AUGUST 17 ― When it comes to the Cannes Film Festival, I usually don't pay too much attention to the eventual Palme d'Or winners every year, because like the Oscars, consensus decisions usually mean some compromise has been made when it comes to choosing the winner of the big prize, which usually means that the safe choice, more often than not, will turn out the winner.
As a matter of personal taste, I've always made it a point to keep an eye on the films and winners from the smaller sidebars like the Directors' Fortnight, the International Critics' Week, the increasingly more relevant ACID or the smaller prizes for the Official Selection like the Grand Prize, Jury Prize, Un Certain Regard Prize and the Camera d'Or, because artistic risks, formal or otherwise, are more likely to be rewarded here.
Case in point, just look at past winners of the Un Certain Regard Prize like Blissfully Yours, The Death of Mr Lazarescu and Border, which are most certainly too weird for the main Competition, let alone win the Palme d'Or.
But something a bit special happened when South Korean auteur Bong Joon Ho's latest film Parasite won the Palme d'Or this year, after Japan's Shoplifters took home the award last year, making it the first time ever in the history of the festival that Asian films have won the big prize back to back.
What this means in the Cannes festivals of the future, we'll only ever know on hindsight, but try viewing the two films back to back and you'll find some striking similarities between them, even if they're films from completely different genres.
Exactly 10 years after his film Mother, with the period in between filled with international co-productions like Snowpiercer and Okja, Bong is back home exploring familiar territory and themes with Parasite, but executing it in a way that's quite different from his previous films.
Like The Host (which also stars his regular leading man Song Kang Ho), Parasite is centred around a lower class family, and also has a former national athlete in its rank, but this family's financial situation is much worse than that f the family in The Host, and their likability factor is less as this bunch of sadly unemployed (but sharp and smart) losers are more or less con artists, creatively finding ways to steal wi-fi and doing whatever's necessary to stay afloat.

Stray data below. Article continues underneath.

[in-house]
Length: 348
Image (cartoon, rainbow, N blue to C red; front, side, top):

Fortune strikes when the son fortuitously stumbles upon a job tutoring a rich girl from the Park family; slowly the Kims insert themselves into the lives of the rich Parks and a wicked satire about the class divide in South Korea commences, probably to the delight of anyone watching, as proven by its blockbuster status not only on its home turf South Korea (where it raked in US$71 million or RM297 million) but also in France (US$8.6 million) and even Vietnam (US$2.9 million).
That probably helped it find its way to Malaysian cinemas this week, and it's even getting a pretty wide release all across Malaysia... at least when you're comparing it to other foreign language and award winning titles.
There are plenty of twists and turns in the plot, so I shall keep that a secret. Once you've seen this, I'm sure you'll be able to spot the reasons why this won the Palme, and deservedly so if you read reports from respected film critics.